|MadSci Network: Microbiology|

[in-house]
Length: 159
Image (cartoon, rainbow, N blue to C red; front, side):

A couple thoughts on your experiments and then some suggestions for your experiments. Household products such as 409 and Lysol are classified as disinfectants. Disinfectants are chemicals used on non-living surfaces and objects to decrease the number of microbes on that surface. The effectiveness of a disinfectant depends on a couple of things: the length of exposure of the surface to the disinfectant, and the concentration of the disinfectant (some household products recommend that you actually dilute the product before using it). Another important thing to realize is that some disinfectants actually kill microbes. These are called bactericidal (or microbicidal) agents. Other disinfectants inhibit the growth of bacteria. These are called bacteriostatic agents. Now that that has been said, here are a couple suggestions for your experiment: 1. If you really want to test the effectiveness of Lysol, 409, etc,... be sure to read the label to discover how they are supposed to be used. Should you leave the disinfectant on the surface of the object for a short while or for 10 minutes? Should you use the disinfectant at full strength or should you make the disinfectant less strong (by diluting it in something like water)? Any household product should have these directions on it. As for your actual experiment method, in a microbiology lab that I helped instruct we were interested in some of the same things that you were and this is how we did them. 1. For testing the effectiveness of lysol we took a tube full of lysol and combined that with a culture of already growing bacteria. We then compared how the bacteria grew on an agar plate depending on how long the bacteria were exposed to the lysol. We did an agar plate where the bacteria were not exposed to the lysol at all, an agar plate where the bacteria were exposed to the lysol for 5 minutes and one for 10 minute lysol exposure. Unfortunately, this might be difficult for you to do since we used a bacterial culture that was already growing and therefore we used a lot of bacteria in the experiment. This is something you might not have access to. 2. A person can also take a small piece of paper in a circular shape and spray it with the household product of choice. After swabbing the blood agar plate with the swab of bacteria you can then carefully put the piece of paper directly in the center of the blood agar plate. Try not to handle the paper with your hand if possible. You might use a tweezers to pick up the paper and put it on the plate. If the chemical either kills the bacteria or inhibits their growth you should actually see a larger circle surrounding the paper disk where no bacteria grew. The bacteria should have grown on the rest of the plate. IT IS VERY IMPORTANT that you make sure you swab the whole plate with your swab of bacteria! If you do not this technique will not work very well, since this technique depends on the fact that there is bacteria spread across the entire blood agar plate. 3. In terms of your suggested experiment, where you wanted to spray the surface and then swab it again, there might be a couple of problems. If the disinfectant is bacteriostatic (it inhibits but does NOT kill bacteria) then once you swab the "disinfected" surface and put the bacteria on the plate, the bacteria are no longer exposed to the chemical that is inhibiting their growth. Because of this, your technique will only work if the disinfectant actually KILLS the bacteria. Give it a try, but don't be surprised if your disinfectant doesn't actually kill bacteria but just inhibits their growth. As for your second suggestion about how to do your experiment, I think that my suggestion number 2 is a variation of this. I would swab out the bacteria on the plate and then put the piece of paper with the disinfectant on it on the plate. One last thing. Be careful not to touch things like the blood agar plate and the paper disc with your bare hands. There are lots of bacteria on your hands! Good luck and I hoped that helps. Some experiments were taken from Johnson, T.R. & C.L. Case. "Laboratory Experiments in Microbiology". Brief Edition. 3rd Edition. Benjamin/Cummings Publishing Company, Inc. 1992.
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